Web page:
The following was produced working with our friends at TD Ameritrade, who for 40 years have provided retirement resources, trading tools, and more to help parents pursue their financial goals while giving them more time to focus on what really matters in life.
Parents save photographs. Parents save art projects. Parents have even been known to save the day. One of the most important things parents can also save is often one of the most stressful: money.
The American Psychology Association found money to be the number one thing parents worry about. Now, money doesn’t solve all problems, but by building and sticking to a financial plan, parents may find some financial stability, and hopefully some peace of mind, too. The end goal, financial security, is well worth the effort, as it allows parents to enjoy more stress-free moments with the ones they love every day.
It’s certainly no easy task, and making the math work can seem impossible. A family unit has many needs and wants all competing for the same pool of financial resources. For instance, parents often want to prioritize saving for children’s college, even though it may make more sense to invest for your retirement. It may seem far off, but by starting now you may also be helping everyone down the road.
This is where planning comes in. Going beyond figuring out the cost savings from cutting back on, say, ordering out, and moving the dialogue towards defining their goals. Whether it’s preschool, college costs, the desire to relocate, refurbish, or restore, these questions force parents to think about the life they want their family to lead, and confront what they’ll have to do to afford it.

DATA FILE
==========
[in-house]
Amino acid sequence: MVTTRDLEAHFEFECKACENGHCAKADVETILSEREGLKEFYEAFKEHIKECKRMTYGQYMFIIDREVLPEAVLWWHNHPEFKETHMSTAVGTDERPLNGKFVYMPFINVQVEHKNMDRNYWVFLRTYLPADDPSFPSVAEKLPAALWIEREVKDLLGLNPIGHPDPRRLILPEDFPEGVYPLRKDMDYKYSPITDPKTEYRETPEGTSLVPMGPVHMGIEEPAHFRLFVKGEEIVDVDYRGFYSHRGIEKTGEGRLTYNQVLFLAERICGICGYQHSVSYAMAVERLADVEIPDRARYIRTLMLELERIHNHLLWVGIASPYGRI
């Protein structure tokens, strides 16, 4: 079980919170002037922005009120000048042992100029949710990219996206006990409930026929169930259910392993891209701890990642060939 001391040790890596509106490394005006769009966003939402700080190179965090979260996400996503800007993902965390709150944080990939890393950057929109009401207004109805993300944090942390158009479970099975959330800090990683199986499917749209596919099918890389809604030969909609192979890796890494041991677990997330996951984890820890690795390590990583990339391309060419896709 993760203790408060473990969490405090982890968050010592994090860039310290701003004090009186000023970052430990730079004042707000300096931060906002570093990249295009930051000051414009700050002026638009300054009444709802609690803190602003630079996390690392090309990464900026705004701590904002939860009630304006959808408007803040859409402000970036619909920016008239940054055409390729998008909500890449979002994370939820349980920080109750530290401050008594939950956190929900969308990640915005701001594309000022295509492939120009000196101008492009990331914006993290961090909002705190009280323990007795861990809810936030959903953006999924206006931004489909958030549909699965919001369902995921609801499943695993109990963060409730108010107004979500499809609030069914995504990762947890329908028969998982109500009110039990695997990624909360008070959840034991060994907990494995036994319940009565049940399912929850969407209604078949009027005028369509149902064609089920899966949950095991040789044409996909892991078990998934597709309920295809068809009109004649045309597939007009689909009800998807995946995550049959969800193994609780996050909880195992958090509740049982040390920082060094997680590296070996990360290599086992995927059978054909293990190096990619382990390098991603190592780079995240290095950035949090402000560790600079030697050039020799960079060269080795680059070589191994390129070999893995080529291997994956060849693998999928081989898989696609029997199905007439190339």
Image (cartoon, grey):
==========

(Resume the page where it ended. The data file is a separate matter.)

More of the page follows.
For TD Ameritrade Chief Market Strategist and Managing Director JJ Kinahan, this complicated terrain is familiar territory. As a father of three aged 20 to 25 and a veteran of the financial industry, Kinahan knows how time can get away from parents. Before you know it, the years have passed, and the kids are grown and off making their own way in the world. This is why he’s long advocated for parents to jump-start the financial planning process.
Before getting started, some foundational best practices include avoiding credit card debt and setting up an emergency fund. “You’ll be surprised by how much confidence you’ll get from establishing an emergency fund— three-to-six months’ worth of expenses if, God forbid, anything happens”, JJ says. From here, you can begin financial planning, looking years and years ahead.